New Vision (Kampala)

21 November 2012

Uganda: How Safe Is That Thrill From a Ride?

The Speaker of Parliament Rebecca Kadaga wants the police to implore bodaboda cyclists to wear helmets. ( Resource: Uganda Govt Implores Police on Road Carnage

Whereas it is a joy for a child to be picked up from school in a car, that excitement could easily turn into misery if you do not seat the child safely as you drive, Rebecca Nalunga writes

Passengers are sometimes seen cradling a toddler on their lap, a child may be throwing a tantrum, playing with the controls of the car or simply sleeping. Such is a common sight in the cars on our roads.

The older children get a thrill from the wind blowing in their faces as they playfully stick their heads, or spread their arms out of the window, in wild abandon, as if to catch the elusive wind.

It is exciting for children standing at the back of a pick-up truck, as the car speeds along, with the wind blowing through their hair, against their faces and throwing their fabric up.

While all this is happening, the drivers of these vehicles are often concentrating on the road or the phone, carelessly hitting humps and potholes that disrupt the car's stability. They are oblivious of the risk they pose to their young passengers.

In a country like ours, where road carnage claims more and more lives everyday, one would assume that drivers travelling with children would take extra caution to ensure their safety, but alas that is not the case!

James Ruhweza Akiiki, the divisional Police commander of Central Police Station, says careless postures of children in moving vehicles puts their lives at a very high risk.

"It is forbidden by the Ugandan traffic laws for one to drive while cradling a child on their lap or bossom as the driver will be distracted," he says.

"A toddler should be placed in a car seat and firmly strapped into the back seat with a seat belt to ensure their comfort and safety."

He further advises that a child lock be placed immediately children sit in the car to avoid them fiddling with, and eventually opening the car doors as it moves. Children can be very curious and if one is not keen, they might be unpleasantly surprised when the child opens the door and falls out of the moving vehicle.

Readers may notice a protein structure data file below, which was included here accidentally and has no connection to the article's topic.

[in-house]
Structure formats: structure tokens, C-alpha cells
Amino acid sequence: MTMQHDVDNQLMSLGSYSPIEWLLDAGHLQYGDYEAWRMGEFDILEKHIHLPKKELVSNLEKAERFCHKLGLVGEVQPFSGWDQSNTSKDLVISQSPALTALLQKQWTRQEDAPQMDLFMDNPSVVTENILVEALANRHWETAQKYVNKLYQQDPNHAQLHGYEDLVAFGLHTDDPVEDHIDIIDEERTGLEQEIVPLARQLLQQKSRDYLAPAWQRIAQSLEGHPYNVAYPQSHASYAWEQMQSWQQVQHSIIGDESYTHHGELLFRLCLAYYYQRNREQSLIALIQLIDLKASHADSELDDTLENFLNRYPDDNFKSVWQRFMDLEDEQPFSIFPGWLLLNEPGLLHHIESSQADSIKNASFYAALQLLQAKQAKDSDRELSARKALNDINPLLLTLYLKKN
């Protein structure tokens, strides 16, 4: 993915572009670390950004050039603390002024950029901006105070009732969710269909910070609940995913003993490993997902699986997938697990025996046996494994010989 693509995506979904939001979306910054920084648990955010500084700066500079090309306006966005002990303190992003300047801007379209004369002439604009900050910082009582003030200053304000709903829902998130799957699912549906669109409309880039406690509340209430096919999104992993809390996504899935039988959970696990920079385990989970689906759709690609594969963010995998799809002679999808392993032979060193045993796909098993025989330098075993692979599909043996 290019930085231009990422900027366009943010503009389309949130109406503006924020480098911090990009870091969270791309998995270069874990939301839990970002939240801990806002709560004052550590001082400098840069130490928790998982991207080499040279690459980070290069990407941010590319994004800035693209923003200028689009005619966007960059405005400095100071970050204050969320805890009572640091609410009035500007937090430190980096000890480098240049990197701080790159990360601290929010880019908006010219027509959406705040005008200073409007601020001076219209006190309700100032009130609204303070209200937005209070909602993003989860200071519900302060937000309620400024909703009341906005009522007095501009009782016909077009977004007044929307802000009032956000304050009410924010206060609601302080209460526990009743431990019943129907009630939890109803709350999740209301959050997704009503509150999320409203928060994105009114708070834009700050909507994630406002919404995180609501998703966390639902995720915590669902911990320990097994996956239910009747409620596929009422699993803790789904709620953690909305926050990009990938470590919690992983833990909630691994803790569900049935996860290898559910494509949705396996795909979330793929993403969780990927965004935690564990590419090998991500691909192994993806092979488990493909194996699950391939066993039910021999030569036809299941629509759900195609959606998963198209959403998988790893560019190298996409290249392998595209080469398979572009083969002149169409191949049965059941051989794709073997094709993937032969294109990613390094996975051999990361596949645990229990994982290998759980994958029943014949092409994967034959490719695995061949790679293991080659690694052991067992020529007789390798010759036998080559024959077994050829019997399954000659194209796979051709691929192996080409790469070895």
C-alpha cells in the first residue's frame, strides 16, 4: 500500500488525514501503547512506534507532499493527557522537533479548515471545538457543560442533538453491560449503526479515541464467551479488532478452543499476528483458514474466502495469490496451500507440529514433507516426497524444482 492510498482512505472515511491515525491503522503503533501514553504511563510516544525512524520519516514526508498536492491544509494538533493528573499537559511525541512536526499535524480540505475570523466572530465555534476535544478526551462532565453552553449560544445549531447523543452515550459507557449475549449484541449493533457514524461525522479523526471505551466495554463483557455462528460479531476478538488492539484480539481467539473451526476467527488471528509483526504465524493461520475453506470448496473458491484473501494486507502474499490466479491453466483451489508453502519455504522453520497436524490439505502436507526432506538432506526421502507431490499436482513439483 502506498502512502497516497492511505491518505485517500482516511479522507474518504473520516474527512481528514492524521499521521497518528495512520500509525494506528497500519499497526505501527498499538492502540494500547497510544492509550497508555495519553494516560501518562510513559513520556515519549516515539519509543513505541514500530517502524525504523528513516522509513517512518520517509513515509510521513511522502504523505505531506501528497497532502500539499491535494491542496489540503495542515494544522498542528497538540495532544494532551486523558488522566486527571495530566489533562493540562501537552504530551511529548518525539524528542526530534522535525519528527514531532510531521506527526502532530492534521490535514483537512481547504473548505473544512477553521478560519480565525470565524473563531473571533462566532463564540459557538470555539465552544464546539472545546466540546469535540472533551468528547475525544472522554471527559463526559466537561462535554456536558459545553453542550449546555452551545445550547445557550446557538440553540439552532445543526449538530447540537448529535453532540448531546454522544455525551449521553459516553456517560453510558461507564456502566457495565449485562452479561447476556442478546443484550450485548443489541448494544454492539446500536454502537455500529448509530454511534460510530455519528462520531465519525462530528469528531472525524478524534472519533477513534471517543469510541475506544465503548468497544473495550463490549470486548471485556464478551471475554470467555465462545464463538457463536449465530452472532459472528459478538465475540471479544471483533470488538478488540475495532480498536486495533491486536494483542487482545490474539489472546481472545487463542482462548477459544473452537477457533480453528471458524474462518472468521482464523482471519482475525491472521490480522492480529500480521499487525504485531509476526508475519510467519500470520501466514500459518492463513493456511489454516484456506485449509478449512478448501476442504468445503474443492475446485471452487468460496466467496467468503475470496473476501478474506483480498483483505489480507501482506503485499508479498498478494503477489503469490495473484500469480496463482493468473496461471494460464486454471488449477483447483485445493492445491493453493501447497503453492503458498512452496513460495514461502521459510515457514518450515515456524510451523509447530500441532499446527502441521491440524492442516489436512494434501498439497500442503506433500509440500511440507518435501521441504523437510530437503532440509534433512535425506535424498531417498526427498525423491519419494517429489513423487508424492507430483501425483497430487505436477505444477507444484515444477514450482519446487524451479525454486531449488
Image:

It is dangerous for children to stick body parts out the windows of moving vehicles as they could get smashed by other cars, bikes or other stationary objects on the road. Rolling up the windows and using the central locking system is an effective way to prevent this.

In cases where boda bodas are the means of transport, Ruhweza says not more than one child should be on the bike and a helmet should be provided to ensure their safety.

"To sit a child at the front of the bike is very risky because unlike a car, the bike has no body. So the child seated at the front acts as the body and should an accident occur, the child will feel the impact first.

Also, that is where the fuel tank is located and if it catches fire, the child will blow up first.

Failure to comply with these traffic laws is punishable by a fine," he explains.

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Child safety tips

Always inspect behind and beside the car before backing out, even if your child is buckled in, his friend may be back there to see him off.

Instruct children to stay seated while the car is moving, otherwise they can be hurt if brakes are applied suddenly.

Double check to see to it that the baby seat is buckled in. Car seats when used wrongly can be more harmful than not using them

Never allow a child under 12 in the front seat because of possible injury from air bags.

Never allow breakable glass items, sharp objects or flammable materials in the passenger area of the car.

Secure all heavy items with cargo nets or straps so they will not fly around in an accident.

Make sure your car is equipped with driver-controlled windows and door locks so children cannot open them even if they want to.

No matter how much fun it is, never allow children to stick anything out the window while the car is moving.

Never leave children unattended in the car, particularly in the sun. They can be killed by the heat, abducted by a kidnapper, accidentally release the brakes or can get out and be run over in the parking lot.

If your car came with an electric lighter, remove it.

Note: It is normal to be a little anxious about your children's safety. The fact is, no matter how careful you are, they will have accidents, get hurt and get sick.

Knowing this, it would not hurt to ask for a little more help than these tips can offer.

The biggest child safety tip I can think of is to get help and wisdom from God. He can protect, heal and help you with the child safety anxiety all parents have.

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